The Titanic without icebergs or steerage
February 23, 2018 | By Joseph Luchok | firstname.lastname@example.org
In the late 1960’s the Washington Post called The Watergate a "glittering Potomac Titanic" without icebergs or steerage, Joseph Rodota told a National Press Club Headliners Book Rap on Feb. 21. He said there was an iceberg a few years later when the Watergate break-in happened.
The Watergate: Inside America’s Most Infamous Address, is not a chronicle of the Watergate break-in but more a look at the people who lived there and how events affected them, Rodota explained. It's his attempt to make the readers feel like they are living in a Watergate apartment during the period, he said.
The book looks at The Watergate from 1948, when the Washington Gas and Light Company auctioned the land that Watergate sits on, to 2009, when the Watergate Hotel was auctioned. Rodota writes about the building plans, the problems encountered in dealing with Kennedy Center, and the controversies that arose when it became known that the Vatican was a major shareholder in the property.
The Watergate was designed to be a city within a city, according to the author. It had a grocery, a drugstore, a beauty parlor, a post office, and other stores that one would find in suburban areas. The goal was to draw people back into the city. Being a self-contained city, The Watergate offered privacy to its tenants. The break-in shattered this privacy. He pointed out that soon after the break-in, tourists flooded the area and items marked “Watergate” were taken.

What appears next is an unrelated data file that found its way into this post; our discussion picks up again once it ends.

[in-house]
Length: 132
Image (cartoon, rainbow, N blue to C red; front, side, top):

When asked why he decided to write a book about The Watergate, Rodota said there are many books about the break-in but none about the building. He added that The Watergate is a unique set of buildings, unlike anything else in DC.
The book has a number of stories about The Watergate. The author said that the Democratic National Committee was on the verge of being evicted due to non-payment of rent but the owners decided to wait until after the election. He also talked about a chapter he titled “Monicaland”. With the press camping outside The Watergate in the wake of the Monica Lewinsky-Bill Clinton scandal, Lewinsky stayed inside instead of going out, and many residents did what they could to protect her. When she moved, she sent thank you notes to many residents, Rodota said.
Former Club President Myron Belkind, who lives in The Watergate, moderated the event.